On February 6, 2018, the U.S. Department of Energy’s (DOE) Bioenergy Technologies Office (BETO) announced the release of its 2017 Project Peer Review Report.  The report contains recommendations provided during the March 2017 Project Peer Review.  The biennial Peer Review process aims to gather feedback and recommendations from stakeholders on BETO’s research and development portfolio to help BETO identify the most efficient and effective ways to accelerate the development of an advanced bioenergy industry.  BETO will use the results of the 2017 Peer Review to inform programmatic decision making, modify or discontinue existing projects, guide future funding opportunities, and support other budget and strategic planning objectives.  As reported in the BRAG blog post BETO Announces Availability Of Project Peer Review 2017 Presentations, the 2017 Project Peer Review presentations are available on the BETO website.

Tags: DOE, BETO

 

By Kathleen M. Roberts

Researchers at Oak Ridge National Laboratory (ORNL) announced the development of a method to create a supertough renewable plastic with improved manufacturability.  The method involved the addition of a small amount of silanes to polylactic acid (PLA), a bioplastic commonly used in packaging, textiles, biomedical implants, and 3D printing.  The new bioplastic demonstrated improved tensile strain and tensile toughness, without a loss in tensile strength and modulus.  According to ORNL’s Soydan Ozcan, the new method offers a fast, scalable route to increasing PLA toughness, which will broaden the use of PLA.


 

By Lauren M. Graham, Ph.D.

The U.S. Department of Energy’s (DOE) Bioenergy Technologies Office (BETO) announced the availability of presentations from its Advanced Development and Optimization (ADO) Workshop.  As previously reported in the Biobased and Renewable Products Advocacy Group (BRAG­®) blog post DOE Advanced Development And Optimization Workshop, the workshop took place at the National Renewable Energy Laboratory (NREL) on December 12-13, 2017.  Discussion focused on how the new ADO program area can best serve stakeholders in developing the bioenergy industry, existing assets from past investments, and future needs and opportunities for maximizing such assets’ value.  
 
The following presentations are available on the BETO website:  

Tags: DOE, BETO, Workshop

 

By Lauren M. Graham, Ph.D.

On January 19, 2018, the U.S. Department of Agriculture’s (USDA) National Institute of Food and Agriculture (NIFA) announced the availability of up to $6 million in funding to support research in plant feedstock genomics for bioenergy.  Support is provided in partnership with the U.S. Department of Energy’s (DOE) Office of Biological and Environmental Research (BER) through the Plant Feedstock Genomics for Bioenergy program, which aims to improve the use of biomass and plant feedstocks for the production of fuels or renewable chemical feedstocks.  Research projects should focus on overcoming biological barriers to the low-cost, high-quality, scalable, and sustainable production of dedicated bioenergy biomass feedstocks using the tools of genetics and genomics.  Eligible applicants, including state agricultural experiment stations, colleges and universities, university research foundations, individuals, non-profit organizations, and for-profit organizations, are encouraged to submit proposals.  Applications are due April 20, 2018.  More information on the funding opportunity is available on the NIFA website.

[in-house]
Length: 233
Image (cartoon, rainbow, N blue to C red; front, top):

By Kathleen M. Roberts

On December 14, 2017, General Automation Lab Technologies (GALT) announced that the U.S. Department of Energy (DOE) awarded Lawrence Livermore National Laboratory (LLNL) a three year $3.5 million grant to improve the growth and efficiency of biofuel-producing algae.  LLNL and GALT will collaborate on the project, which also aims to reduce wasted byproducts of photosynthesis by targeting microbiomes that can more efficiently recycle it back to carbon dioxide for the algae to grow better.  GALT’s novel high-throughput microbiome research technology will be used to screen tens of thousands of microbiome combinations.  Researchers aim to target bacteria that are able to increase biomass yield under the high light and temperature stress conditions that are found in desert environments such as Arizona, where plenty of sunlight and useable land exist and could potentially support future algal biofuel production facilities.